67. M. B. Thomas, D. Jaffe, M. M. Choti et al., “Hepatocellular carcinoma: consensus recommendations of the National Cancer Institute Clinical Trials Planning Meeting,” Journal of Clinical Oncology, vol. 28, no. 25, pp. 3994–4005, 2010. View at: Google Scholar
  68. J. M. Llovet, S. Ricci, V. Mazzaferro et al., “Sorafenib in advanced hepatocellular carcinoma,” The New England Journal of Medicine, vol. 359, no. 4, pp. 378–390, 2008. View at: Publisher Site | Google Scholar
  69. A.-L. Cheng, Y.-K. Kang, Z. Chen et al., “Efficacy and safety of sorafenib in patients in the Asia-Pacific region with advanced hepatocellular carcinoma: a phase III randomised, double-blind, placebo-controlled trial,” The Lancet Oncology, vol. 10, no. 1, pp. 25–34, 2009. View at: Publisher Site | Google Scholar
  70. J. M. Llovet, A. M. Di Bisceglie, J. Bruix et al., “Panel of Experts in HCC-Design Clinical Trials. Design and endpoints of clinical trials in hepatocellular carcinoma,” Journal of the National Cancer Institute, vol. 100, no. 10, pp. 698–711, 2008. View at: Publisher Site | Google Scholar
  71. M. Colombo, J.-L. Raoul, R. Lencioni et al., “Multidisciplinary strategies to improve treatment outcomes in hepatocellular carcinoma: a European perspective,” European Journal of Gastroenterology and Hepatology, vol. 25, no. 6, pp. 639–651, 2013. View at: Publisher Site | Google Scholar
  72. S. Roayaie, J. S. Frischer, S. H. Emre et al., “Long-term results with multimodal adjuvant therapy and liver transplantation for the treatment of hepatocellular carcinomas larger than 5 centimeters,” Annals of Surgery, vol. 235, no. 4, pp. 533–539, 2002. View at: Publisher Site | Google Scholar
  73. C. M. Junaid Nazar, T. B. Kindratt, S. M. Ahmad, M. Ahmed, and J. Anderson, “Barriers to the successful practice of chronic kidney diseases at the primary health care level; A systematic review,” Journal of Renal Injury Prevention, vol. 3, no. 3, pp. 61–67, 2014. View at: Google Scholar
  75. N. Naqi, S. Ahmad, S. Murad, and J. Khattak, “Efficacy and safety of sorafenib-gemcitabine combination therapy in advanced hepatocellular carcinoma: an open-label phase II feasibility study,” Hematology/Oncology and Stem Cell Therapy, vol. 7, no. 1, pp. 27–31, 2014. View at: Publisher Site | Google Scholar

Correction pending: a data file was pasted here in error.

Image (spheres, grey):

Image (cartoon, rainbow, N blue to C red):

76. I. A. Malik, W. A. Khan, S. Haq, and M. Sabih, “A prospective Phase II trial to evaluate the efficacy and toxicity of hepatic arterial infusion of ifosfamide in patients with inoperable localized hepatocellular carcinoma,” American Journal of Clinical Oncology: Cancer Clinical Trials, vol. 20, no. 3, pp. 289–292, 1997. View at: Publisher Site | Google Scholar
  78. A. B. Bhatti, H. Zia, F. S. Dar et al., “Quality of life after living donor hepatectomy for liver transplantation,” World Journal of Surgery, vol. 39, no. 9, pp. 2300–2305, 2015. View at: Publisher Site | Google Scholar
  79. F. S. Dar, A. B. Bhatti, A. W. Dogar et al., “The travails of setting up a living donor liver transplant program: first program experience from Pakistan and lessons learned,” Liver Transplantation, vol. 21, no. 7, pp. 982–990, 2015. View at: Google Scholar
  80. M. S. Jamil, H. Ali, R. Shaheen, and A. Basit, “Prevalence, knowledge and awareness of hepatitis C among residents of three Union Councils in Mansehra,” Journal of Ayub Medical College, Abbottabad, vol. 22, no. 3, pp. 192–196, 2010. View at: Google Scholar
  81. N. S. Raja and K. A. Janjua, “Epidemiology of hepatitis C virus infection in Pakistan,” Journal of Microbiology, Immunology and Infection, vol. 41, no. 1, pp. 4–8, 2008. View at: Google Scholar
  82. J. D. Yang, W. S. Harmsen, S. W. Slettedahl et al., “Factors that affect risk for hepatocellular carcinoma and effects of surveillance,” Clinical Gastroenterology and Hepatology, vol. 9, no. 7, pp. 617–623.e1, 2011. View at: Publisher Site | Google Scholar